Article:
Ear Pain – January 2013

Every day in my practice, I see several patients whose primary complaint is ear pain.  Very often, these patients are referred to me by a primary care physician who has examined these individuals, and not seen any obvious cause for the symptom, yet the patient is disabled by the pain.  I will try to explain why this seems so often to be a mystery.

Primary Ear Pain

It is vital, of course, for the practitioner to evaluate these patients by physical examination first and foremost.  This exam begins with a thorough exam of the ear structures.  Infections or malignancies of the external ear and ear canal must be suspected.  Foreign objects, or simple earwax impaction in the ear canal, can cause pain.  The eardrum (tympanic membrane) and the space behind the drum (middle ear) are evaluated to rule out infection or inflammation.  It is important to obtain middle ear pressure testing (tympanogram) and hearing test to fully evaluate the health of the ear.

Secondary Ear Pain

Unfortunately, MANY of our patients complaining of ear pain have NO discernable sign of ear trouble at all.  It is at this point the physician must consider sources for what we call “referred ear pain,” meaning other areas of the head and neck that share the same nerve endings as the ear can actually “refer” pain to the ear, even though the disease is located elsewhere.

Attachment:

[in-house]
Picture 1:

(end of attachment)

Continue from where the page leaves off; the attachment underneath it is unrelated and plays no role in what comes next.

The most common site that can shoot pain to the ear is the jaw joint (temporomandibular joint –”TMJ”), and surrounding dental structures. Unlike patients with ear disease, TMJ pain sufferers do not complain of hearing loss or ear drainage.  Very often, TMJ ear pain is worse in the morning after a long night of teeth clenching or grinding.  Frequently, TMJ sufferers have a history of orthodontic care, or dental procedures where the mouth is held open for prolonged periods of time.  TMJ-related ear pain is more common in women, and can shift from ear to ear at times.

Patients who have one-sided (unilateral) ear pain, with no sign of ear disease, or TMJ issues, must be carefully evaluated to detect throat and voice box (larynx) disease that can shoot pain to the ear.  An ominous situation arises when a patient complains of unilateral ear pain and throat pain.  Often, malignant tumors of the tonsil, pharynx and larynx, or severe infections of these structures, can refer pain to the ear.  A fiberoptic evaluation of this anatomy is imperative in patients who have no other explanation for their ear pain.

Less commonly, disease of the sinuses, spinal nerves in the neck,  thyroid gland disorders, salivary gland disease can cause ear pain, but these situations are few and far between.

My general advice to patients, then, is that ear pain must be evaluated with all these possibilities in mind.  Unless the source for the pain is diagnosed and treated successfully by the “front-line” primary care physician, it is my opinion that the rest of the patients require an ENT evaluation.

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